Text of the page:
MRI is a noninvasive test that uses a large magnet, radio signals and a computer to make images of organs and tissues in the body; in this case, the heart.
MRI of the heart may be done to assess the heart’s chambers size and function, thickness and movement of the walls of the heart, the extent of damage caused by a heart attack or heart disease, structural problems in the aorta, such as aneurysm or dissection, inflammation or blockages in the blood vessels. There may be other reasons for your health care provider to recommend an MRI of the heart.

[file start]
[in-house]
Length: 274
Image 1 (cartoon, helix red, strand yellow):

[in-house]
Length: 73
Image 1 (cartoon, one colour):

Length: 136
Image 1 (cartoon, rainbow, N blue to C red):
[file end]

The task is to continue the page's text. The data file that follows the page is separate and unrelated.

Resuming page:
There is no radiation exposure during MRI. You can’t have an MRI if you have a:
If you are pregnant or think you may be, tell your health care provider. MRI is generally safe in pregnancy but you and your provider should discuss the risks and benefits. Contrast dye may be used; there may be a risk of an allergic reaction to the dye. If you are sensitive to medicines tell your healthcare provider. If you have kidney problems, there is risk of a serious reaction to the dye. MRI contrast may have an effect on conditions such as allergies, asthma, anemia, low blood pressure, kidney disease, or sickle cell disease. There may be other risks depending on your specific medical condition. Be sure to discuss any concerns with your health care provider prior to the MRI.